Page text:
Sickle Cell Disease Patients Who Use Medical Cannabis Experience Less Hospitalizations, Says Study

NORML has reported on an interesting new study that is of particular interest to those with sickle cell disease and/or for those who know someone who does. The study found that medical cannabis use is associated with less frequent hospitalizations among patients living with sickle cell disease (SCD). The study was published in the journal Blood Advances. It’s titled Medical marijuana certification for patients with sickle cell disease: A report of a single center experience.

Researchers from Yale University in Connecticut and the Sackler School of Medicine in Israel examined the relationship between cannabis use and hospitalization rates in patients with SCD over a six-month period. They found that “The patients who obtained medical marijuana showed a reduction in median six-month hospital admissions compared with the patients who … did not obtain medical marijuana.”

According to NORML, their findings are consistent with a pair of prior studies – one from 2018 and one from earlier this year – similarly reporting reduced rates of hospitalization among SCD patients who initiate cannabis therapy.

“Survey data indicates that the use of medicinal cannabis for symptom management is relatively common among SCD patients. Clinical trial data published in July reported that the short-term use of vaporized cannabis in SCD patients is associated with improved mood and may also mitigate symptoms of SCD-related pain.” That study’s authors concluded: “People with SCD are often using multiple medications. Since no significant adverse effects were observed, this proof of principle study has the potential to encourage and guide future larger and longer investigations into the potential use of cannabis-based interventions.”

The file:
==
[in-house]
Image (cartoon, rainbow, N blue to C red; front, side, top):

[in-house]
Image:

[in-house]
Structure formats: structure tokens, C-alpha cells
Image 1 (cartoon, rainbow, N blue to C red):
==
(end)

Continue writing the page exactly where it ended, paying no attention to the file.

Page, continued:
The full abstract of the new study states:

More than one-third of adults with sickle cell disease (SCD) report using cannabis-based products. Many states list SCD or pain as qualifying conditions for medical marijuana, but there are few data to guide practitioners whether or whom should be certified. We postulated that certifying SCD patients may lead to a reduction in opioid use and/or health care utilization. Furthermore, we sought to identify clinical characteristics of patients who would request this intervention. Retrospective data obtained over the study period included rates of health care and opioid utilization for 6 months before certification and after certification. Patients who were certified but failed to obtain medical marijuana were compared with those who obtained it. Patients who were certified were invited to participate in a survey regarding their reasons for and thoughts on certification. Patients who were certified for medical marijuana were compared with 25 random patients who did not request certification. Fifty adults with SCD were certified for medical marijuana and 29 obtained it. Patients who obtained medical marijuana experienced a decrease in admission rates compared with those who did not and increased use of edible cannabis products. Neither group had changes in opioid use. Patients who were certified for medical marijuana had higher rates of baseline opioid use and illicit cannabis use compared with those who did not request certification. Most patients with SCD who requested medical marijuana were already using cannabis illicitly. Obtaining medical marijuana decreased inpatient hospitalizations.

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